Claude(L) and Maurice Chapuis checking out the crop in Corton Clos du Roi
Maurice takes his pickers home.
My next call, at the distillery in Ladoix was unsuccessful but as I headed back to Pernand with only a cold drink in mind I came across Serge the dedicated beekeeper who immediately invited me in for that beer!
There followed the sad story of his acacia flowering during a wet week in May which meant no honey as his bees would not come out. It seems one of his hives has mysteriously been vacated and his mortality rate is still steady at 20-25% a year, all bad news. No wonder he needed a bit of company. Still it was 7pm when I left, and a glorious evening so I did n’t take his concerns with me, this harvest is so much better than last year.
TUESDAY was another bright morning and after a coffee with Gilles and Fred at Vival,along with Franck the baker next door, I found Jean-Charles De La Morinère quietly smiling as their Charlemagne harvest started. He was constantly checking the rows to see that his pickers remembered his instructions on the first day of work, supervising the level of the grapes in each grey box and then helping to shift them to the trailer.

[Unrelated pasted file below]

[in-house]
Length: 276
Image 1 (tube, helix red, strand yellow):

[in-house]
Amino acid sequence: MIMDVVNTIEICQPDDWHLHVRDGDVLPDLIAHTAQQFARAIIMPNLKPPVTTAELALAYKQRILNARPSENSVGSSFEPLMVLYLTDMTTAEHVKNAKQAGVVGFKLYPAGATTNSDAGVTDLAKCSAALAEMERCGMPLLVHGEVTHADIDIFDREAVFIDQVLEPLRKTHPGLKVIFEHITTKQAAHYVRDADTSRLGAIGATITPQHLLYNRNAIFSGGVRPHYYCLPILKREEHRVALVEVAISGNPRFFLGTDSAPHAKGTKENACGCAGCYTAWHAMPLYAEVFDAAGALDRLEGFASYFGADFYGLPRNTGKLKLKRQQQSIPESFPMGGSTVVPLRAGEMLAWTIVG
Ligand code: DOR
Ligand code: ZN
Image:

Jean-Charles de la Morinère
likes what he sees in Charlemagne
Jean-Charles and Claude load the precious chardonnay
All done with a smile that hid his great concentration on the job in hand. That was around 8 a.m. and as I saw that evening after the dinner with the pickers prepared by the 3 lady cuisine’s ( I called them Les Trois Gorieuses but they said they preferred LesTrois Graces !) that while we finished off our wine, Jean-Charles was still supervising in the cuverie, yet to eat.
The 3 Graces at the Bonneau du Martray kitchen door wait the pickers.
Success with a great terroir requires such dedication all the year round.
The Pavelots were out again,this time in En Caradeux with one or two the porters enjoying an “Ice bucket challenge,
Cooling off on Caradaux
harvest style !
En Caradaux from Charlemagne
Pernand-Vergelesses seen from Caradaux
Great morning views of Pernand but sadly the Church roof is under repair for a while so I’m glad I already have that.
Off to lunch